by Brian A. Williams
The commencement exercises on June 22, 1946, symbolically marked the return to normalcy for the University of Michigan following the upheaval of the World War II years. The war disrupted many campus traditions while simultaneously spurring the University to an accelerated pace. Gone were time-honored events such as homecoming and alumni reunions held during commencement. Fuel rationing for the war effort precluded such gatherings. Also gone were vacations as the University operated on an accelerated year-round curriculum. Three 16-week semesters were made possible by shortening the Christmas break, compressing the final exam period, and eliminating the spring break. During the war, students could earn a degree in two years and eight months.
One of the most dramatic and visible wartime campus transformations was the presence of uniformed military personnel on campus. The University hosted more than a dozen different military training programs ranging from the Judge Advocate General’s School to the Army Intensive Japanese Language School. Beginning in 1942, the Navy sent more than 4,000 Naval cadets and Marines to campus, while the Army sent more than 8,000 soldiers for training. The last of the wartime military programs, the Navy V-12, closed in June 1946.
Reconversion—or the return of campus to peacetime activities—was in full swing in 1946 following the cessation of hostilities in 1945. Faculty members returned to campus from leaves of absence for wartime research, and veterans flocked back to campus from duty. Earlier that year, the big campus dance, the J-Hop, was held for the first time since 1942. Fraternities, which had suspended operations and leased their houses as residences for soldiers and war workers, were back in operation.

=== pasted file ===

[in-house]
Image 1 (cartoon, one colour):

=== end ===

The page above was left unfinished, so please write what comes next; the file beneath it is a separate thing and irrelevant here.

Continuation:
To celebrate the military victory and the transition back to peacetime, the University planned a significant celebration around the University’s 102nd commencement. A committee was appointed in January 1946 by President Alexander Ruthven to plan for a special graduation and reunion weekend to be held June 20-22, dubbed the Victory Reunion. Upwards of 6,000 alumni were expected back, including three classes that had reached their Golden anniversary but were unable to celebrate because of the war conditions. Karl Litzenberg, a professor and World War II veteran, was appointed the general chairman of the committee and charged with overseeing an event that would seriously challenge campus and local hospitality resources still hampered by wartime constraints. Among the dozen subcommittees were housing, entertainment, exhibits, transportation, and memorials.
The centerpiece of the Victory Reunion was a memorial service for the 474 Michigan men and women known to have died in the war (ultimately the number would grow to 579 members of the University community who lost their lives). The names of all the dead were published in the program of the Victory Reunion. The list also included degrees or years of attendance, and most tragically, the date and cause of death.